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Yang v. Drug Enforcement Administration

United States District Court, C.D. California

November 7, 2017

Sai Yang
v.
Drug Enforcement Administration, et al.

          Present Honorable Patrick J. Walsh, U.S. Magistrate Judge

          CIVIL MINUTES - GENERAL

         Proceedings: Order To Show Cause Why Action Should Not Be Dismissed

         Before the Court for screening is Plaintiff's First Amended Complaint (“FAC”).[1] (Doc. No. 23.) Plaintiff, a non-prisoner, alleges that Defendants the Riverside and Fresno Drug Enforcement Administration (“DEA”) offices, Banning Police Department, Jarvis January, Dipik Papel Travelodge, and Raylene Coronado Chavez Sprint have violated his civil rights by invading his privacy, falsely imprisoning him, and torturing him through electronic harassment. He seeks monetary damages.

         The Court is required to screen pro se complaints and dismiss claims that, among other things, are frivolous, malicious, or fail to state a claim upon which relief may be granted. 28 U.S.C. § 1915(e)(2)(B). Even when a plaintiff is not proceeding in forma pauperis, Federal Rule of Civil Procedure 12(b)(6) permits a court to dismiss a claim sua sponte and without notice “where the claimant cannot possibly win relief.” See Omar v. Sea-Land Serv., Inc., 813 F.2d 986, 991 (9th Cir. 1987). In evaluating whether Plaintiff has stated a claim, the Court accepts as true the factual allegations in the Complaint and views all inferences in a light most favorable to him. See Hamilton v. Brown, 630 F.3d 889, 892 (9th Cir. 2011). The Court does not, however, “accept as true allegations that are merely conclusory, unwarranted deductions of fact, or unreasonable inferences.” Sprewell v. Golden State Warriors, 266 F.3d 979, 988 (9th Cir. 2001). Because Plaintiff is proceeding pro se, the Court construes the FAC liberally. Barrett v. Belleque, 544 F.3d 1060, 1061-62 (9th Cir. 2008) (per curiam).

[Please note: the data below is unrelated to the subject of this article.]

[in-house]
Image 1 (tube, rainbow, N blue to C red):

Regardless, unless a complaint presents a plausible assertion of a substantial federal right, a federal court does not have subject matter jurisdiction over a cause of action. See Bell v. Hood, 327 U.S. 678, 682 (1945); Steel Co. v. Citizens for a Better Environment, 523 U.S. 83, 89 (1998) (a federal court lacks subject matter jurisdiction to consider claims that are “so insubstantial, implausible, foreclosed by prior decisions of this Court, or otherwise completely devoid of merit as not to involve a federal controversy.”). A complaint is frivolous if it lacks any arguable basis either in fact or law. See Neitzke v. Williams, 490 U.S. 319, 325 (1989). Even “a paid complaint that is ‘obviously frivolous' does not confer subject matter jurisdiction.” Franklin v. Murphy, 745 F.2d 1221, 1227 n. 6 (9th Cir. 1984); Hagans v. Lavine, 415 U.S. 528, 537-38 (1974) (a federal claim which is so insubstantial as to be patently without merit cannot serve as the basis for federal jurisdiction). Clearly baseless allegations include those that are “fanciful, ” “fantastic, ” or “delusional.” Denton v. Hernandez, 504 U.S. 25, 32-33 (1992).

         Plaintiff alleges that on March 27, 2016, while he was sleeping at a Travelodge in Hemet, California, an agent from the DEA, without a warrant, came into his room and placed a “non-consensual implant” on him, his wife, and infant son. The next morning, Plaintiff began hearing voices and became paranoid. He then went home but noticed that the electronic harassment became worse. He claims it became “torture” and “mind control.” The “abuse of covert technology” allowed his “speech, vision, and memory” to be analyzed and monitored onto a screen. (FAC at 2.) He claims that the DEA's “mind controlling” has made him schizophrenic. (FAC at 2.)